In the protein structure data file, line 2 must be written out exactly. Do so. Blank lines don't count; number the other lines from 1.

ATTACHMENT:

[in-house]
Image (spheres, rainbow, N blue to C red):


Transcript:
Image (spheres, rainbow, N blue to C red):